# Show that a language belongs to the polynomial hierarchy

I think the following exercise is to "warm up", but nevertheless it's quite difficult for me:

Let $k \in \mathbb{N}$ and let $L \in \Sigma_k$. Show that also $L^{*} \in \Sigma_k$.

The following details from my lecture notes seem to be useful:

Notation. Let $n \in \mathbb{N}$.

We write $\exists_n y. \varphi(y)$ for $\exists y \in \Sigma^{*}.|y| \le n \wedge \varphi(y)$.

We write $\forall_n y. \varphi(y)$ for $\forall y \in \Sigma^{*}.|y| \le n \Rightarrow \varphi(y)$.

Theorem.

$L \in \Sigma^P_i \Leftrightarrow$ there is a language $A \in P$ and a polynomial $p$ so that: $x \in L \Leftrightarrow \exists_{p(|x|)}y_1 \forall_{p(|x|)}y_2 \exists_{p(|x|)}y_3 .../\forall_{p(|x|)}y_i (x,y_1,y_2,...,y_i) \in A$

Unfortunately I don't see the solution of the "puzzle". Can somebody please help me a little bit (despite the fact that it's weekend)?

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Let me assume your are familiar with the oracle-version of the polynomial hierarchy. Thus, if $L\in \Sigma_k$, then there exists a (non-deterministic polytime) Turing machine $M$ with oracle $\Sigma_{k-1}$.
To show that $L^*$ is also in $\Sigma_k$ we explain how one could build a new non-deterministic polytime Turing machine $M^*$ with oracle $\Sigma_{k-1}$ that accepts $L^*$. The key idea is, that we use the (simulation) of $M$ as a sub-module for $M^*$.
The machine $M^*$ works as follows. It guesses a partition of the input $w$ into some words $u_1u_2\cdots u_k$. Then it runs the simulation for $M$ for every $u_i$. If the simulation verifies that all $u_i\in L$ then $M^*$ accepts, otherwise it rejects. Clearly $M^*$ accepts $L^*$ and uses only the oracle $\Sigma_{k-1}$. What is left to check is if $M^*$ runs in polytime. The running time of $M^*$ is dominated by $$t_M(|u_1|)+t_M(|u_2|)+\cdots+ t_M(|u_k|)\le t_M(n)+t_M(n)+\cdots+ t_M(n)\le n \cdot t_M(n),$$ for $n=|w|$. Since $t_M(n)$ is a polynomial, we have that $n\cdot t_M(n)$ is a polynomial as well.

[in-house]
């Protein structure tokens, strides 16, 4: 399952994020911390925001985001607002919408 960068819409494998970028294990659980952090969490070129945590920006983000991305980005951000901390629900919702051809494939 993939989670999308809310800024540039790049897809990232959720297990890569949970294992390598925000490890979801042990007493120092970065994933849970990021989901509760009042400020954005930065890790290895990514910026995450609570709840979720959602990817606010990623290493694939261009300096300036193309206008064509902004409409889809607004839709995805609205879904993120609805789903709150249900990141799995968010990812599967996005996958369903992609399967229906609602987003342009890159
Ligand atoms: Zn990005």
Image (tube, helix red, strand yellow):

Thank you very much for your answer, Professor Schulz. I unfortunately fail to understand why the oracle is $Σ_{k−1}$. Can you (or somebody else) please explain why the index has to be k-1? –  Uriel Nov 24 '12 at 19:45
@Uriel: There are different (equivalent) ways how to define the classes in the polytime hierarchy. Please read the wikipedia article. One way to define $\Sigma_k$ is as the class NP with oracle $\Sigma_{k-1}$, where $\Sigma_0=P$. This definition was imho better suited for presenting a solution to your question. –  A.Schulz Nov 25 '12 at 7:46
Thank you, now this is clear. I have a last question, which concerns the running time of $M^*$. The part $t_M(|u_1|)+t_M(|u_2|)+\cdots+ t_M(|u_k|)$ is clear. But why are there multiple $t_M(n)$? –  Uriel Nov 25 '12 at 12:42
@Uriel: We have to show that the new machine runs in polytime. So we use as a very rough estimation $t_M(|u_i|)\le t_M(n)$ for each of the $t_M(|u_i|)$ terms. Also there are at most $n$ of such terms. –  A.Schulz Nov 26 '12 at 20:11